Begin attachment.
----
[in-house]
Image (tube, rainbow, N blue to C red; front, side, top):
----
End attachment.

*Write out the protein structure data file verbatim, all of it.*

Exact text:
[in-house]
Image (tube, rainbow, N blue to C red; front, side, top):